After having dedicated 8 years to growing my knowledge regarding the profession of physical therapy, it seems only fitting that I join the social media world in order to spread a little of the knowledge that I have gained over the years. This by no means is meant to act in place of a one-one medical consultation, but only to supplement your baseline knowledge in which to choose a practitioner for your problem. Having completed a Master of Physical Therapy degree, the MDT (Mechanical Diagnosis and Therapy) certification and currently finishing a post-graduate doctorate degree, I have spent the previous 12 years in some sort of post-baccalalaureate study. Hopefully the reader finds the information insightful and uses the information in order to make more informed healthcare decisions. MISSION STATEMENT: My personal mission statement is as follows: As a professional, I will provide a thorough assessment of your clinical presentation and symptoms in order to determine both the provocative and relieving positions and movements. The assessment process and ensuing treatment will be based on current and relevant evidence. Furthermore, I will educate the patients regarding their symptoms and their likelihood of improving with either skilled therapy, an independent exercise program, spontaneous recovery or if the patient should be referred to a separate specialist to possibly provide a more rapid resolution of symptoms. Respecting the patient’s limited resources is important and I will provide an accurate overview of the prognosis within 7 visits, again based on current research. My goal is to empower the patient in order to take charge of both the symptomatic resolution and return to full function with as little dependence on the therapist as possible. Personally, I strive to be an example for family and friends. My goal is to demonstrate that success is not a byproduct of situations, but a series of choices and actions. I will mentor those, in any way possible, that are having difficulty with the choices and actions for success. I will continue to honor my family’s “blue-collar” roots by working to excel at my chosen career and life situations. I choose to be a leader of example, and not words, all the while reducing negativity in my life. I began working towards the professional aspect of the mission statement while still in physical therapy school. By choosing an internship that emphasized patient care and empowering the patient, instead of the internship that was either closest to home or where I knew that I would have the easiest road to graduation, I took the first step towards learning how to utilize the evidence to teach patients how to reduce their symptoms. I continued this process by completing Mechanical Diagnosis and Therapy courses A-D and passing the credentialing exam. I will continue to pursue my clinical education through CEU’s on MDT and my goal is to obtain the status of Diplomat of MDT. Returning back to school for the t-DPT was a major decision for me, as resources (i.e. time and money) are limited. My choice was between saving money for the Dip MDT course (about 15,000 dollars) and continuing on with the Fellowship of American Academy of Orthopedic Manual Physical Therapists (FAAOMPT) (about 5,000 dollars), as these courses are paired through the MDT curriculum or returning to school to work towards a Doctorate of Physical Therapy degree. I initially planned on saving for the Dip MDT and FAAOMPT, but life changes forced me to re-evaluate my situation. The decision then changed to return for the tDPT, as my employer paid for a portion of the DPT program. My goal for applying to and finishing the Dip MDT and FAAOMPT is 10 years. This is how long I anticipate that it will take to finish paying student loans and save for both programs, based on the current rate of payment. I don’t know if I will ever accomplish what I set forth in the mission statement, but I do know that it will be a forever struggle to maintain this standard that I set for myself.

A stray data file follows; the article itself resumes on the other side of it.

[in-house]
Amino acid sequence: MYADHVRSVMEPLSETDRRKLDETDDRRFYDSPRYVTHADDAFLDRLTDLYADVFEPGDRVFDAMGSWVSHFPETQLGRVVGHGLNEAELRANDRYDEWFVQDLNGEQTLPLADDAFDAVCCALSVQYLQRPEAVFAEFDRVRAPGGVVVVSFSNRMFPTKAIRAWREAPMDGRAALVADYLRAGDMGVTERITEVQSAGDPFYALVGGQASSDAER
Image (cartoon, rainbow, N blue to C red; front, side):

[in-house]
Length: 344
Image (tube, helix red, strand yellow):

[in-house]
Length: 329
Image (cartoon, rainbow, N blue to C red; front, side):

Leave a Reply

Fill in your details below or click an icon to log in:

WordPress.com Logo

You are commenting using your WordPress.com account. Log Out / Change )

Twitter picture

You are commenting using your Twitter account. Log Out / Change )

Facebook photo

You are commenting using your Facebook account. Log Out / Change )

Google+ photo

You are commenting using your Google+ account. Log Out / Change )

Connecting to %s